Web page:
I confess my first draft of this article started out very differently. Prior to the release of the Holy Father's motu proprio, a question weighed heavily on my mind: Would the Latin Mass bring an unseasonable chill to the "Springtime of Evangelization" proclaimed by John Paul II?
As it turned out, I needn't have worried. Since the Latin form of the rite remains the "extraordinary" form, there are still plenty of opportunities for seekers to experience the holy sacrifice of the Mass in their own language. (And if it happens that a visitor stumbles on a Latin Mass, he or she can still hear the readings in the vernacular.)
Once that issue was settled, I began to ponder the letter that accompanied Summorum Pontificum. One word jumped out at me: identity. In its original context, the word was used to describe Bishop Lefebvre's camp … and yet, the Mass as a "mark of identity" has implications for the rest of us as well.
Joshua said to them, "Pass on before the ark of the LORD your God into the midst of the Jordan, and take up each of you a stone upon his shoulder … these stones shall be to the people of Israel a memorial for ever" — Joshua 4:5-7.
In a seminary class on the sacraments, Father Dan Jones introduced me to the writings of Father William Lynn, S.J., S.T.D. http://www.pcj.edu/aboutus/lynn.html, who spoke of the "Incarnational Principal." This principal says that God initiates contact with the human race through the material world.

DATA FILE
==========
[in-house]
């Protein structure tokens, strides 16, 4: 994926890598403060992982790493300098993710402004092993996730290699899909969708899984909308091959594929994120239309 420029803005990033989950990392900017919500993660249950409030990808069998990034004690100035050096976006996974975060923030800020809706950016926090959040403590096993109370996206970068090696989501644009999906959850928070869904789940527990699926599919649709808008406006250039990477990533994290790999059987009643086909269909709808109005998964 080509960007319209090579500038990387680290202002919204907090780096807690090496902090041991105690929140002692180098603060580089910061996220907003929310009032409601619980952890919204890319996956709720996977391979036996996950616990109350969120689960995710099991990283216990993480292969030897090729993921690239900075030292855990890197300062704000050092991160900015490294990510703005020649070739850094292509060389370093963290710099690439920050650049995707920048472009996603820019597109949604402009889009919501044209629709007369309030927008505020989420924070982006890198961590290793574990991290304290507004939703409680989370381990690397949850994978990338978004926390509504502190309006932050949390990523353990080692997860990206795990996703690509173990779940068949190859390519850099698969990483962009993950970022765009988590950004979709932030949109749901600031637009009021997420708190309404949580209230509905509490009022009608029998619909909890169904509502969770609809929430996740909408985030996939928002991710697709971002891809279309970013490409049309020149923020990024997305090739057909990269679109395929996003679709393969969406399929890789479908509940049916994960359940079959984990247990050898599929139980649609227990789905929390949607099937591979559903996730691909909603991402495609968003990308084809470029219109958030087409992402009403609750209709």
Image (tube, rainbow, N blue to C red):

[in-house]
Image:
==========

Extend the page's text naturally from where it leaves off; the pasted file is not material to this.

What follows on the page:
Moreover, how we interpret what we see, hear, taste, touch, and smell profoundly affects how we see ourselves (our personal identity) and how we approach God (our religious identity). Religious identity is formed to a great degree by two things:
1. Previous experiences (especially previous religious formation). For example, someone who was raised on the Latin Mass may continue to have a great devotion to it. (However, not all those who have a devotion to the Latin Mass were raised on it.) Charismatic Catholics have entirely different associations, based on their experiences with the charismatic gifts of the Spirit. Those who convert from the evangelical tradition, as I did, may appreciate aspects of the liturgical renewal that strike traditional Catholics as "touchy-feely," Protestant, or irreverent.
(For example, the music I encountered at those early liturgies was a tremendous source of consolation and hope. As it happened, the parish I first visited sang many of the same hymns I had learned as a child — "Amazing Grace," "For All the Saints," and "How Great Thou Art." And the very songs that so many Catholics are fond of disparaging — "Eagle's Wings," "I Want to Walk as a Child of the Light," and "Be Not Afraid" — reassured me that Catholics also experience intimacy with God. It was an unexpected and delightful surprise.)
2. Personal charisms. Have you ever noticed how two people can attend the same liturgy and walk away with very different impressions of the event? Our experiences are always filtered through the lenses of our individual giftings, values, and sensitivities. God made us this way, so that every part of His Body would receive what it needs to serve Him in the world.
One of the things that I have most come to appreciate about the Catholic Church is that, even among the faithful who are fully obedient to the Pope and his Bishops, there is a considerable variety of perspectives, personalities, and gifts represented. There are traditional Catholics and charismatic Catholics, Dominicans and Franciscans and Jesuits, contemplative Catholics and Catholics who see Jesus most clearly when they stand in the serving line of a soup kitchen. Even among religious, there are cloistered orders and orders that focus on education or medical assistance. One that I encountered recently — the Carmelites of Reno — make their living by creating lovely greeting cards from their own original works of art.